Alongside Chambers, Aston Villa’s Fabian Delph, Newcastle United’s Jack Colback and Tottenham’s Danny Rose have been called up to the national side for the first time.
England face Norway in a friendly at Wembley next Wednesday, before travelling to Basel to play Switzerland in their Euro 2016 qualifying opener on Monday 8 September.
Following the international retirements of veterans Steven Gerrard and Frank Lampard, the average age of the England squad has dropped from 26.3 at the World Cup to 25. No country at the tournament in Brazil had a squad with an average age of 25 or younger.
Unsurprisingly, the average number of caps in the squad has also fallen from 30.4 caps 17.9. The total number of international appearances within the squad has plummeted from 626 at the beginning of the World Cup to 393.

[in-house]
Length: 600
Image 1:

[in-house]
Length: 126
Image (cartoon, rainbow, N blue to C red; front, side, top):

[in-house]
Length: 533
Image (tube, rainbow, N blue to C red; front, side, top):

Hodgson referred to Colback, who joined Newcastle on a free transfer from Sunderland earlier this summer, as “the ginger Pirlo”.
The England manager said:
I spoke to someone who knows him well and he called him the ginger Pirlo and it would be nice if he turned out like that.
I was impressed with him last year and he has an awful lot to offer. He is a very talented player. Suddenly we have lost Steven Gerrard, Frank Lampard and Michael Carrick. Jack plays in a position where vacancies can quickly arise and we will see how he gets on.
Arsenal's 19-year-old defender Callum Chambers has impressed since his £16m switch from Southampton, having featured in all four of their competitive fixtures so far this season.
The youngster has 19 England U-19 caps, but has never featured for the U-21 team, with Hodgson admitting that a defensive injury crisis has fast-tracked his progression.